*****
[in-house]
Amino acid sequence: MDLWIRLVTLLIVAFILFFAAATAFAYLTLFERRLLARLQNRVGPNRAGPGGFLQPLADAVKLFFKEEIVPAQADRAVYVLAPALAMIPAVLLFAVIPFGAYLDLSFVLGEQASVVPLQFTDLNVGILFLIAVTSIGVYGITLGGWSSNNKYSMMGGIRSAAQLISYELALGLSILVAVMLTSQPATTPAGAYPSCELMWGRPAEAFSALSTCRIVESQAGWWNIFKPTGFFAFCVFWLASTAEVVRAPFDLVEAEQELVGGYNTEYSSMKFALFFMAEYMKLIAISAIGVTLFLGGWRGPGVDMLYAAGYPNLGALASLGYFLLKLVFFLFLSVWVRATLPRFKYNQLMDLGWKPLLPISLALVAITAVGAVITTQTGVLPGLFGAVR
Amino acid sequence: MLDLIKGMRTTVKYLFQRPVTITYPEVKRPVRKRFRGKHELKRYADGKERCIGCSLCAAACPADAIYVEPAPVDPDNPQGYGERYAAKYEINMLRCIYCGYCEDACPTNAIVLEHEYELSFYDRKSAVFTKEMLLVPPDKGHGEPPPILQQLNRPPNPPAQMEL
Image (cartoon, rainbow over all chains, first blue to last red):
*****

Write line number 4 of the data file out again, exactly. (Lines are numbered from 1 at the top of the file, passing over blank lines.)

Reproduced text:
Image (cartoon, rainbow over all chains, first blue to last red):